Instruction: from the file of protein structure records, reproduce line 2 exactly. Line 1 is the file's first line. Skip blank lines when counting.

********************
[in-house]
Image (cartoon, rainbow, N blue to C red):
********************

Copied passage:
Image (cartoon, rainbow, N blue to C red):